There’s nothing like the Christmas season: sparkling trees, family gatherings, hot cocoa, red noses, snowflakes, sledding, snacks, and, of course, deadweight losses.
Deadweight losses? On Christmas morning?
In 1991, Yale University’s Joel Waldfogel informed us in The American Economic Review that, based on two surveys of his students, “holiday gift-giving destroys between 10 percent and a third of the value of gifts,” which, across the economy totals to something like $10-$30 billion per year (and this was in 1991). I can only imagine how much more it is now, since prices have more than doubled since then.
I say, Bah! Humbug!
But first, hear Joel, and his fellow Scroogeconomists, out.
In economics, a deadweight loss is as bad as it sounds. Definitionally speaking, it’s the cost incurred by market inefficiency, which happens when supply and demand are thrown out of equilibrium. Here’s an example.
Let’s say Aunt Tilley from Kansas City arrives with matching sets of cherry red and chartreuse green mohair moose sweaters for the whole family, each of which set her back $100. Junior unwraps his gift, notices the price tag she forgot to remove, smiles weakly, thanks her, and thinks, “Ugh. I wouldn’t pay $10 for this. Why didn’t she at least give me a $100 Mayfair mall gift card!?”
That, according to Waldfogel, is $90 thrown down the drain, and he uses what economists call “indifference curves” to demonstrate it. And the logic doesn’t stop at Christmas: birthdays, anniversaries, home-made chocolate chip cookies to a college freshman, house-warming gifts for a new friend. If you really want deadweight losses to be zero, you need to pivot: just acquire a stack of Ben Franklins and hand those out instead.
I get it. We’ve all gotten some iffy gifts. Because of a mixture of ignorance and perhaps a smidge of paternalism (“Junior really should play less video games; he really needs to read How To Win Friends and Influence People”), gift givers make mistakes. I certainly have. A very long time ago I gave my older brother a frozen porterhouse steak for Christmas, though I swear he liked it.
On this issue, economists have simply gone too far. Think about it: Do we really want everyone to exchange various gift cards—or worse, greenbacks—on Christmas morning?
Imagine the scene:
Jim extends his envelope: “Hey, Bill; here’s $50.”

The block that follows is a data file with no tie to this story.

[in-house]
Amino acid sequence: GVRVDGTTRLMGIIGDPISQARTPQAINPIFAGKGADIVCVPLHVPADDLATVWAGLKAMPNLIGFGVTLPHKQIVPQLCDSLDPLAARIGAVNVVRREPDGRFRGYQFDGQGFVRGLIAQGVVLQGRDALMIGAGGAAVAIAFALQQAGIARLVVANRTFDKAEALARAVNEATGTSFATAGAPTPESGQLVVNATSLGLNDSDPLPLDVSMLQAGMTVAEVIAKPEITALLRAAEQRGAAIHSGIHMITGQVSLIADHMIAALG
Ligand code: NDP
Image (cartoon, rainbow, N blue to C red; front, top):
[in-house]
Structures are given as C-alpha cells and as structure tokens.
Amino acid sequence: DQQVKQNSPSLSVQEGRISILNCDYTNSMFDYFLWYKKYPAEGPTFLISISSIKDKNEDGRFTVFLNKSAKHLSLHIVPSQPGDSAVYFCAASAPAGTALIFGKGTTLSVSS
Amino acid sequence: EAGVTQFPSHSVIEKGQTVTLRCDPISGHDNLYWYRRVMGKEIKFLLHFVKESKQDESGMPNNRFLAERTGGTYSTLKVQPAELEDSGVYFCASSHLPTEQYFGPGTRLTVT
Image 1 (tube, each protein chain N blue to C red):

“Thanks, Jim; here’s a $50,” replies Bill.
Or worse: “Thanks, Jim; ugh…here’s a $20,” as Jim does some quick mental math and Bill’s cheeks turn red.
Yes, monetary gifts are fool-proof, in a way. We don’t have to do the research about what people really enjoy, what emerging hobbies or tastes they’ve acquired; besides, since time is money, the transaction costs of researching friends and family members’ wishes are a real cost.
Or a real joy. And so are the insights you gain from a better connection to loved ones. Maybe, just maybe—your $20 gift might bring such a surprised delight to the recipient that they value it at $100! You both feel an airy, helium weightlessness as their genuine smile turns into a life-long hobby, or a realization that someone “gets you.” And even if the gift you receive doesn’t quite hit home, someone at least cared enough to knit you that afghan or searched high and low for just the right antique tea cup for your shelf, which may, truth be told, be placed in your “re-gift” drawer.
My wish for everyone is a pile of imperfect gifts, with the realization that someone just might “get” you; and if they don’t, they cared enough about you to have given it their very best shot.
Here’s to a Christmas with lots of surprised delights, genuine joy despite a wee bit of deadweight costs, and perhaps a new year where economics professors find more substantive areas to research.
Content syndicated from Fee.org (FEE) under Creative Commons license.
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